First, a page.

Yellen, asked by a member of the House Financial Services Committee if the damage done by failure to meet the federal government’s debt obligations would be “irreparable,” answered: “Yes.”
Her remarks were the latest in a series of dire warnings Yellen has issued as Congress remains deadlocked over the matter of lifting or suspending the debt limit amid wrangling over the legislative agenda of the Democratic majority and Biden administration.
Yellen has said the government will run out of cash around Oct. 18 unless Congress raises the limit on the federal debt, currently capped at $28.4 trillion. After that date, the Treasury would be “simply in an impossible situation,” Yellen said during an appearance before the committee on Thursday. “We won’t be able to pay all of the government’s bills.”
The debt ceiling came back into effect in August after a two-year suspension, and the Treasury Department has been employing “extraordinary measures” to fund the government since. Yellen earlier this week told lawmakers those measures will be exhausted around the middle of October, earlier than most analysts had expected, after which the government will have insufficient funds to meet all of its obligations, ranging from Social Security payments to the principal and interest due on Treasury bills, notes, and bonds.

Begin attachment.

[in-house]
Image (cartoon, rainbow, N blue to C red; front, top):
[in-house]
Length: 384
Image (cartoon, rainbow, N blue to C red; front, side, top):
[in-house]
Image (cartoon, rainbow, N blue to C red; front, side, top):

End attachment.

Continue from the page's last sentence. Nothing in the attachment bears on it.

Failure to meet those obligations would mark a first-ever U.S. default, which Yellen has repeatedly said would be “a catastrophe.”
“We’re likely to end up with a financial crisis, certainly a recession,” Yellen told the House committee on Thursday. It would also have “longer-lasting consequences of higher interest rates for everyone who borrows.”
That’s because the U.S. credit rating would certainly be slashed, and international creditors who have long owned Treasury debt on the basis of it being backed by “the full faith and credit” of the U.S. government would no longer view those securities as “risk free.” That would make it more expensive for the federal government—and everyone else—to borrow.
Federal Reserve Chair Jerome Powell said the U.S. central bank’s ability to contain the fallout of such an event is limited.
“No one assumes that we can really do much,” Powell told lawmakers on Thursday. “No one should assume the Federal Reserve or anyone else can shield the American people from the consequences of that.”